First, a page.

During one segment of the highly-anticipated 2016 Victoria's Secret Fashion Show, which will air on Monday night, model Elsa Hosk strutted down the runway wrapped in a large Chinese dragon, model Taylor Hill walked wearing a kimono and tassles and Adriana Lima walked in boots that were vaguely Asian-inspired with tassles as well, with wings that looked much the same.
This particular segment, called "The Road Ahead," was meant to celebrate multiculturalism and the blending of cultures. As Nepalese jewelry designer Arpana Rayamajhi, who worked on the VS show this year, said: "The idea is that you're blending in little bits of this and that from all cultures around the world."
But to one writer at Cosmopolitan, it all just looked plain racist.
In it, she slams the fashion show for "cultural appropriation" by "a sexist, patriarchal, mostly white corporation [that] continues to take what it wants for its own gain."
"Stripping of cultures aside, the emblems that stood out most were the ones that came from Asia — specifically China," Jung wrote. "The dragon that Elsa Hosk wore wrapped around her body, the embroidered stiletto boots seen on Adriana Lima, the tail made of flames worn by Kendall Jenner."
To Jung, those kinds of pieces felt more like a cheap interpretation than a high-quality, respectful celebration.
"The Orientalism on display here doesn't show an understanding or an attempt at dialogue. It doesn't close any gaps," Jung continued. "What condescension, for Victoria's Secret to think that by wrapping a model in a dragon, it could connect directly with a new consumer in China."
It was particularly insulting to Jung too because this show made history for having a record number of Chinese models (four this time), and yet this was the year when Chinese culture was most imitated. This also wouldn't be the first time the VS Fashion Show has been called out for cultural appropriation, with people being not-so-stoked about Karlie Kloss wearing a Native American-inspired headdress on the runway in 2012.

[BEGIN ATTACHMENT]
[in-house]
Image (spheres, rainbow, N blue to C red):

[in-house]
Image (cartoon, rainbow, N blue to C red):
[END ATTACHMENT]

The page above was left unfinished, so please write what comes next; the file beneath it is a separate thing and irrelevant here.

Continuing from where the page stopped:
However, by Friday, quite strangely, the article had been deleted from Cosmo's website in its entirety. (Mic was able to access it through a cached version.) Click on the original link to the story, and you're reverted to an error page with an awestruck kitten.
So what gives? Did Victoria's Secret contact Cosmo and demand it take the article down? Did Hearst, the publication company that publishes Cosmo, pull the plug itself, fearing that it'd lose any chance of working with VS ever again for advertisements or anything else? Did Cosmo delete it after the onslaught of pieces that questioned Jung's own piece?
In any case, although Jung's own piece may have seemed extreme to some, she has every right to think that Jenner wearing Asian-inspired boots and Elsa Hosk wearing a dragon wasn't nearly as cliché-free a display of multiculturalism as VS could have achieved.
Mic has reached out to Cosmopolitan directly to get some answers.